New Zealand's Prime Minister will return to Christchurch
New Zealand moves quickly under Ardren to respond to what she called the "worst act of terrorism" in the history of the Pacific Island.
Ardern said on Monday that attacks – killing 50 people and injuring dozens more – revealed weaknesses in the arms laws that the government will consider through reforms to be announced within 10 days.
"The clear lesson from history in the world is that in order to make our communities safer, now is the time to act," Ardern said on Monday
MEPs will meet on Tuesday to share their condolences for the victims (19659005) Ardern said he would meet the first respondents and the victims' families on Wednesday when they were preparing for burial
Ardenn said he would meet the first respondents and the families of the victims on Wednesday when they were preparing for burial. On Saturday, she visited members of the Muslim community in Christchurch carrying a hijab in the , which observers praise as a significant gesture of compassion and respect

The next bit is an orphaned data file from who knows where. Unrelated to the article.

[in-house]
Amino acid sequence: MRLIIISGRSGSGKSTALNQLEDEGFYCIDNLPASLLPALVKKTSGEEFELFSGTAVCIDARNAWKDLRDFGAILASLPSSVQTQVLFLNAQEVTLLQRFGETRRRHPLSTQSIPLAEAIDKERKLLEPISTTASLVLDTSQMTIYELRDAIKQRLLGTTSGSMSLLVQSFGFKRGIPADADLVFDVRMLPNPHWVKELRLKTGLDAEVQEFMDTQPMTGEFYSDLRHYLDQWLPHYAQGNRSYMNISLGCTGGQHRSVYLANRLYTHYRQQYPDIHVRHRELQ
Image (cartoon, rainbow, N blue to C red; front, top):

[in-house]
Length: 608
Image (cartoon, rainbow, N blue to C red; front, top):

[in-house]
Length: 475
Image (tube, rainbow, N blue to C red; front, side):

While admitting that "for a short period "planned modifications can create uncertainty for some gun owners," Ardern said, believing the "vast majority" of New Zealand gunmen agree that change is needed.
Earlier on Monday TradeMe's trade site has completed the sale of semi-automatic weapons on its online market.
"We listened to public attitudes after a terrorist attack on Friday in Christchurch and we decided to eliminate all semi-automatic sales of firearms and related items," TradeMe writes
The investigation must begin in attack
The prime minister said the investigation would look at the circumstances that led to the attack on Friday.
The investigation will investigate what agencies they knew – or should have known – about shooters' access to weapons or any barriers to information sharing, she said. These agencies include the New Zealand Security Office, the Office for Security of Government Communications, Police, Customs and Immigration, she said.
The Police Commissioner of New Zealand Mike Bush told reporters on Monday that the investigation of the attacks was the largest criminal trial ever conducted by the police in the country Australian Brenton Harris Tarrant, 28, is believed to be the only person responsible for the attacks , although he could get support from other people, said the commissioner.
Tarrant lives in the southern city of Dunedin, about 225 miles from Christchurch. Officials said he did not have a criminal story in New Zealand or Australia and did not draw the intelligence community's attention to extremist views.
Bush said the level of threat in New Zealand remains high and there will be increased visibility from the police and emergency services. partners "for weeks."
Susanna Kulinan of CNN writes from Auckland and Emanuela Grinberg from London. CNN, Jo Shelley, Madeline Holcombe and Jack Guy contributed to this report.